Dr. John R. Trotter II, 37, Bloomfield Hills resident for 21 years, is continuing a family tradition as a physician.
He is a doctor at DMC Sinai-Grace Hospital and continues the family practice, Grace Family Health Center, after his father, John Trotter Sr., passed away in 2008.
Trotter is one of the modern-day community leaders and trailblazers whom Patch is highlighting in recognition of Black History Month.
His father, who was a doctor for 35 years, gave him a stethoscope as a Christmas gift when he was 5 years old, Trotter said. He said he knew then that he wanted to be a doctor and the dream never changed.
One of his independent projects is PUMA – Providing Urban Medical Access.
“It’s about providing medical access to the under-served communities,” he said.
He said the project works to provide free medical access through doctors’ offices, schools and churches. This is a project he said he hopes to spread across the country and abroad.
“We’re working in Botswana and South Africa to build hospitals and provide doctors for their patients,” he said.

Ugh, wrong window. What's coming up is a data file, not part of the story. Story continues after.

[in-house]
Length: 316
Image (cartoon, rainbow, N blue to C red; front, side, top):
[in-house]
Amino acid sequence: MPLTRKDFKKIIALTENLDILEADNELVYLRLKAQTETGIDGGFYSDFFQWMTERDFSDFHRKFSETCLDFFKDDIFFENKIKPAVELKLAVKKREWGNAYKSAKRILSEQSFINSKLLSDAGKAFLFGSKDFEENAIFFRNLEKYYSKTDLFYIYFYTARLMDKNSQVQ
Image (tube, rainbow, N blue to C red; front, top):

He said they went in July and October and will go again in April.
“It’s bigger than myself,” he said about working in health care. “It’s giving back and helping others.”
He said Black History Month can be a wake up call to see where the black community is and how it can be helped.
“I feel like it’s a time to recognize the African American community, its history and where they came from,” he said.
He said it’s nice to see the progression in leadership, for example, from Martin Luther King, Jr. to President Obama.
Trotter works with all communities but is also the interim secretary for the National Medical Association (NMA), which promotes the collective interests of physicians and patients of African descent. He oversees health care education in Michigan, Indiana, Illinois, Ohio and Wisconsin for the NMA, he said.
Continuing a Family Tradition
Trotter spent much of his time before and during medical school researching topics like chemotherapy resistance and Parkinson’s disease and studied abroad in places like Spain and Brazil.
“Then my father became ill and I had to come back to Michigan,” he said.
He helped with the practice and decided to take over when his father died, Trotter said. He also had two uncles, his father’s brother and mother’s brother, in the field. He then expanded the practice, which now has four locations.
Trotter is also the vice president of the Detroit Black Chamber of Commerce. Through this he invited Surgeon General Regina M. Benjamin to Detroit in October to discuss Medicaid, the future of health care and how to cover the uninsured.